And, yes, there are those who will argue that a death marked by pain and suffering is a part of the justice being served. But, as we try to hold ourselves as a nation to a higher standard than our worst criminals, we should at the very least allow our justice system to work as it should, according to the Supreme Court. And, nowhere in history has the Supreme Court ever advocated for the use of cruel and unusual punishment. We would like to think that we have more compassion and humanity than those who have committed such horrendous crimes, and as such, we should demonstrate this by showing them the humanity they denied someone else, not by sinking to their level.

The argument for or against the death penalty has been passionately argued throughout our nation’s history, with each side having their own strong viewpoints. When we look at the evidence from around the world on the effectiveness of capital punishment as a deterrent, as well as the ethical dilemma of potentially executing innocent or mentally incompetent individuals, it is easy to see that the practice of capital punishment offers no benefits to our society.

Essay on Argument For the Death Penalty

1310 Words6 Pages

Should any individual be killed for their crimes or mistakes? Adam Liptak, a writer for the New York Times, found that, “According to roughly a dozen recent studies, executions save lives. For each inmate put to death, the studies say, 3 to 18 murders are prevented.” Therefore, the death penalty must be upheld in the United States of America in order to protect its citizens and to properly enforce justice. The death penalty ensures fair retribution for the loved ones of the criminal’s victim. In 1977, Clarence Ray Allen was convicted for murder after arranging the death of a witness against him in a burglary case and was subsequently sentenced to life in prison without parole. In 1980, Allen organized the killings of the witnesses who…show more content…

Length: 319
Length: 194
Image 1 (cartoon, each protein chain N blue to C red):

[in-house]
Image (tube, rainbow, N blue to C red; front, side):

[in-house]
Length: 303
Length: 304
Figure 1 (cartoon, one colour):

... After all that time, he finally got what he deserved” (If Death Penalty Is Abolished, What Next?). Without the death penalty, proper justice is unattainable. In addition to serving justice where it is due, the death penalty provides a powerful deterrent to crime. H. Naci Mocan, an economist at Louisiana State University and an author of a study that finds that each death penalty carried out deters five murders said, “I personally am opposed to the death penalty, but my research shows that there is a deterrent effect.” To many, including economists, the cause-and-effect is obvious: When the cost of an object rises, the number of objects bought will decline drastically (Liptak). Also, murderers often put lots of thought and planning into what goes into the act, and that planning will inevitably involve weighing out the pros and cons. Any type of discipline or penalty will have some sort of deterrent effect, but a more drastic penalty will lead to stronger discouragement from crime (Ardaiz). Because preventing murder is in America’s best interests, the U.S. is obligated to use the most severe punishment available in order to deter murder (Arguments for and Against the Death Penalty). Nevertheless, some critics of the death penalty argue that the chance of an innocent person being executed far outweighs the benefits of executing a guilty one. After all, there will always be some factor of human error or bias (First, Abolish the Death Penalty). For example, on